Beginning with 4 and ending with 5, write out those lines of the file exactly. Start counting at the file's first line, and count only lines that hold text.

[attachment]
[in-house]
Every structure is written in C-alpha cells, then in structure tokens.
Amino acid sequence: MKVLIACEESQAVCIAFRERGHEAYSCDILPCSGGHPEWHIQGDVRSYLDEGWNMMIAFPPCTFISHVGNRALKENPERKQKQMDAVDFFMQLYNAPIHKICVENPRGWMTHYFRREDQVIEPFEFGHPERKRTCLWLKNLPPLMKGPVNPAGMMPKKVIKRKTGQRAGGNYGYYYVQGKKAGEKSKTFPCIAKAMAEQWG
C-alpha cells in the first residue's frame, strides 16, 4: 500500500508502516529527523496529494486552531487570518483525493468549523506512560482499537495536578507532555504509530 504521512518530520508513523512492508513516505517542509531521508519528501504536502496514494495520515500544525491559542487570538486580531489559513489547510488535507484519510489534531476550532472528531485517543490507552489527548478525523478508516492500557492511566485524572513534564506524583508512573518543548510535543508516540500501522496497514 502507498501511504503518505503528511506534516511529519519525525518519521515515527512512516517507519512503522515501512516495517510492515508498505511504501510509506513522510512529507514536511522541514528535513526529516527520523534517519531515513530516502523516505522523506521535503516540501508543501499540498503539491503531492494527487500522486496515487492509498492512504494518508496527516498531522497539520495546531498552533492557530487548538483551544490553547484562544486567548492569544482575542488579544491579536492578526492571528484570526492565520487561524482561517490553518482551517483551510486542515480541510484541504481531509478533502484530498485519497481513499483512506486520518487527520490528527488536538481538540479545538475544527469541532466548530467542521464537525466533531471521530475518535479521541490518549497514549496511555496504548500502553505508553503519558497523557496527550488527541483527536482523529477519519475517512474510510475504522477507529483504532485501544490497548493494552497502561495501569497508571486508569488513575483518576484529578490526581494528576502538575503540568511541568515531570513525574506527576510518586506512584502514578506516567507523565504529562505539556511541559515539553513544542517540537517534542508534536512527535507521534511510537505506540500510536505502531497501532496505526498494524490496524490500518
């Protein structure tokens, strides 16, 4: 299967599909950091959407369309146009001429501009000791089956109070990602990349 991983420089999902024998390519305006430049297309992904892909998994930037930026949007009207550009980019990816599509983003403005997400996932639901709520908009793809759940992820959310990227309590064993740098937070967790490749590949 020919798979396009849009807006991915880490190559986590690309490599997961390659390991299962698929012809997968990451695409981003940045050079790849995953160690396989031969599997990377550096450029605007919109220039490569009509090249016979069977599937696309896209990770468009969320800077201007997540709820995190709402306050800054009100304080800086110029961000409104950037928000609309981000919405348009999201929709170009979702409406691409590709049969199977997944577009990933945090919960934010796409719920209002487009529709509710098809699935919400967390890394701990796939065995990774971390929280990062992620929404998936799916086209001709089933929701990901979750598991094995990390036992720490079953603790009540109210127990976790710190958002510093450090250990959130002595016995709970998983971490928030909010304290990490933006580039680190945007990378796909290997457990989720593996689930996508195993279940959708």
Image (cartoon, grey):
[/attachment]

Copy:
C-alpha cells in the first residue's frame, strides 16, 4: 500500500508502516529527523496529494486552531487570518483525493468549523506512560482499537495536578507532555504509530 504521512518530520508513523512492508513516505517542509531521508519528501504536502496514494495520515500544525491559542487570538486580531489559513489547510488535507484519510489534531476550532472528531485517543490507552489527548478525523478508516492500557492511566485524572513534564506524583508512573518543548510535543508516540500501522496497514 502507498501511504503518505503528511506534516511529519519525525518519521515515527512512516517507519512503522515501512516495517510492515508498505511504501510509506513522510512529507514536511522541514528535513526529516527520523534517519531515513530516502523516505522523506521535503516540501508543501499540498503539491503531492494527487500522486496515487492509498492512504494518508496527516498531522497539520495546531498552533492557530487548538483551544490553547484562544486567548492569544482575542488579544491579536492578526492571528484570526492565520487561524482561517490553518482551517483551510486542515480541510484541504481531509478533502484530498485519497481513499483512506486520518487527520490528527488536538481538540479545538475544527469541532466548530467542521464537525466533531471521530475518535479521541490518549497514549496511555496504548500502553505508553503519558497523557496527550488527541483527536482523529477519519475517512474510510475504522477507529483504532485501544490497548493494552497502561495501569497508571486508569488513575483518576484529578490526581494528576502538575503540568511541568515531570513525574506527576510518586506512584502514578506516567507523565504529562505539556511541559515539553513544542517540537517534542508534536512527535507521534511510537505506540500510536505502531497501532496505526498494524490496524490500518
């Protein structure tokens, strides 16, 4: 299967599909950091959407369309146009001429501009000791089956109070990602990349 991983420089999902024998390519305006430049297309992904892909998994930037930026949007009207550009980019990816599509983003403005997400996932639901709520908009793809759940992820959310990227309590064993740098937070967790490749590949 020919798979396009849009807006991915880490190559986590690309490599997961390659390991299962698929012809997968990451695409981003940045050079790849995953160690396989031969599997990377550096450029605007919109220039490569009509090249016979069977599937696309896209990770468009969320800077201007997540709820995190709402306050800054009100304080800086110029961000409104950037928000609309981000919405348009999201929709170009979702409406691409590709049969199977997944577009990933945090919960934010796409719920209002487009529709509710098809699935919400967390890394701990796939065995990774971390929280990062992620929404998936799916086209001709089933929701990901979750598991094995990390036992720490079953603790009540109210127990976790710190958002510093450090250990959130002595016995709970998983971490928030909010304290990490933006580039680190945007990378796909290997457990989720593996689930996508195993279940959708």